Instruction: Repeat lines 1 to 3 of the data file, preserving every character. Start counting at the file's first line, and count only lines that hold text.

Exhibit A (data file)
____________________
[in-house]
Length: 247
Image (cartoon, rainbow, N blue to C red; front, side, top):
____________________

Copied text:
[in-house]
Length: 247
Image (cartoon, rainbow, N blue to C red; front, side, top):